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The Capital Region of Denmark - a part of Copenhagen University Hospital
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Bardet-Biedl syndrome in Denmark--report of 13 novel sequence variations in six genes

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Bardet-Biedl syndrome (BBS) is an autosomal recessive disease characterized by retinal dystrophy, polydactyly, obesity, learning disabilities, renal involvement, and male hypogenitalism. BBS is genetically heterogeneous with mutations of 14 genes, accounting for approximately 70% of cases. Triallelic inheritance has been suggested in about 5% of cases. Forty-nine unrelated BBS patients were screened for mutations by DHPLC analysis in BBS1, BBS2, BBS4, BBS6/MKKS, BBS10, and BBS12. The selected genes either account for more than 5% of the mutational load or are commonly reported in triallelic inheritance. Eight patients with only one or no BBS mutation were further investigated by single nucleotide polymorphism (SNP) analysis. In total, mutations were detected in 44 patients. Twenty percent had two mutations in BBS1, 18% in BBS2, 4% in BBS9, 43% in BBS10, and 2% in BBS12. Five patients were heterozygous for a sequence variation in BBS6/MKKS. We found eight patients with three sequence variations in two genes, which could be explained by triallelic inheritance, by the prevalence of heterozygous carriers or the third sequence variations representing rare polymorphisms. All changes found in a second BBS gene were amino acid substitutions. Genotype-phenotype correlations suggest a milder phenotype for BBS1 compared to BBS2 and BBS10, which we ascribe to the hypomorphic p.Met390Arg-mutation.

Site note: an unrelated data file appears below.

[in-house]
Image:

Original languageEnglish
JournalHuman Mutation
Volume31
Issue number4
Pages (from-to)429-36
Number of pages8
ISSN1059-7794
DOIs
Publication statusPublished - Apr 2010

    Research areas

  • Alleles, Amino Acid Sequence, Bardet-Biedl Syndrome, Base Sequence, Conserved Sequence, DNA Mutational Analysis, Denmark, Evolution, Molecular, Female, Genetic Association Studies, Genotype, Group II Chaperonins, Humans, Inheritance Patterns, Male, Molecular Sequence Data, Mutation, Polymorphism, Single Nucleotide

ID: 46200667